Archive for Neal Stephenson

FALL [book review]

Posted in Books, pictures, Travel with tags , , , , , , , , , , , , , , , , on August 30, 2019 by xi'an

The “last” book I took with me to Japan is Neal Stephenson’s FALL. With subtitle “Dodge in Hell”. It shares some characters with REAMDE but nothing prevents reading it independently as a single volume. Or not reading it at all! I am rather disappointed by the book and hence  sorry I had to carry it throughout Japan and back. And slightly X’ed at Nature writing such a positive review. And at The Guardian. (There is a theme there, as I took REAMDE for a trip to India with a similar feeling at the end. Maybe the sheer weight of the book is pulling my morale down…) The most important common feature to both books is the game industry, since the main (?) character is a game company manager, who is wealthy enough to ensure the rest of the story holds some financial likelihood. And whose training as a game designer impacts the construction of the afterlife that takes a good (or rather terrible) half of the heavy volume. The long minutes leading to his untimely death are also excruciatingly rendered (with none of the experimental nature of Leopold Bloom’s morning). With the side information that Dodge suffers from ocular migraine, a nuisance that visits me pretty regularly since my teenage years! The scientific aspects of the story are not particularly exciting either, since the core concept is that by registering the entire neuronal network of the brain of individuals after their death, a computer could revive them by simulating this network. With dead people keeping their personality if very little of their memories. And even more fanciful, interacting between them and producing a signal that can be understood by (living) humans. Despite having no sensory organs. The reconstruction of a world by the simulated NNs is unbearably slow and frankly uninteresting as it reproduces both living behaviours and borrows very heavily from the great myths, mostly Greek, with no discernible depth. The living side of the story is not much better, although with a little touch of the post-apocalyptic flavour I appreciated in Stephenson. But not enough to recover from the fall.

Among other things that set me off with the book, the complete lack of connection with the massive challenges currently facing humanity. Energy crisis? climate change? Nope. Keep taking an hydroplane to get from Seattle to islands on Puget Sound? Sure. Spending abyssal amounts of energy to animate this electronic Hades? By all means. More and more brittle democracies? Who cares, the Afterworld is a pantheon where gods clash and rule lower beings. Worse, the plot never reaches beyond America, from the heavily focused philosophical or religious background to the character life trajectories. Characters are surprisingly unidimensional, with no default until they become evil. Or die. Academics are not even unidimensional. For instance Sophie’s thesis defence is at best a chat in a café… And talks at a specialist workshop switch from impressive mathematical terms to a 3D representation of the activity of the simulated neuronal networks. Whille these few individuals keep impacting the whole World for their whole life. And beyond… By comparison, the Riverworld series of Phillip José Farmer (that I read forty years ago) is much more enjoyable as a tale of the Afterworld, even if one can object at “famous” people been central to the action. At least there are more of them and, judging from their (first) life, they may have interesting and innovative to say.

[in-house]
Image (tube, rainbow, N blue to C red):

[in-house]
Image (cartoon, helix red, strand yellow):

Nature snapshots

Posted in Books, pictures with tags , , , , , , , , , on July 16, 2019 by xi'an

In this 6 June issue of Nature, which I read on my way to O’Bayes, an editorial on the scary move by the WHO to incorporate traditional Chinese medicine remedies in its classification as this includes drugs made from protected and endangered species and as such remedies have not been evidence tested. A news brief on India abandoning the requirement for PhD students to get a paper published prior to been awarded the degree, presumably much to the sorrow of predatory publishers. A delay to Plan S (a European project to make all funded research freely available) reported to 21 January 2021. A review of the latest and yet unpublished book by Neal Stephenson, Fall. Which I obviously ordered immediately! A paper in the British Journal of Anasthesia published along with an independent assessment of the same study (methods and results). Some letters protesting the “public’s phobia” induced by the series Chernobyl. Which recoups an email from one of my colleagues on the same complaining theme, since “only 20 deaths” can be attributed to the disaster with certainty! A revisit of the “cold fusion” with no evidence of the claimed phenomenon that led to a scientific outcry in 1989.

seveneves [book review]

Posted in Books, Kids with tags , , , , , , on November 29, 2015 by xi'an